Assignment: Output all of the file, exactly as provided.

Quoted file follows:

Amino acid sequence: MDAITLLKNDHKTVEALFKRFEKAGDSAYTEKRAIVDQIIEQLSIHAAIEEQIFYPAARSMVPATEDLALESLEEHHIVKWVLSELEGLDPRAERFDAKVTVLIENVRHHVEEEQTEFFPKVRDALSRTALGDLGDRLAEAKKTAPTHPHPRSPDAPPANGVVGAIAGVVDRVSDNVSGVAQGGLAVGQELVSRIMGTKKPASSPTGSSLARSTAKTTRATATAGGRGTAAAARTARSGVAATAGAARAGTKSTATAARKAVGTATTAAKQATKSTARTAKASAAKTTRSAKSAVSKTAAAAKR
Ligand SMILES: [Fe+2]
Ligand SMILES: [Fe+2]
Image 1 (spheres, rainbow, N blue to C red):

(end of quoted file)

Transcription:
Amino acid sequence: MDAITLLKNDHKTVEALFKRFEKAGDSAYTEKRAIVDQIIEQLSIHAAIEEQIFYPAARSMVPATEDLALESLEEHHIVKWVLSELEGLDPRAERFDAKVTVLIENVRHHVEEEQTEFFPKVRDALSRTALGDLGDRLAEAKKTAPTHPHPRSPDAPPANGVVGAIAGVVDRVSDNVSGVAQGGLAVGQELVSRIMGTKKPASSPTGSSLARSTAKTTRATATAGGRGTAAAARTARSGVAATAGAARAGTKSTATAARKAVGTATTAAKQATKSTARTAKASAAKTTRSAKSAVSKTAAAAKR
Ligand SMILES: [Fe+2]
Ligand SMILES: [Fe+2]
Image 1 (spheres, rainbow, N blue to C red):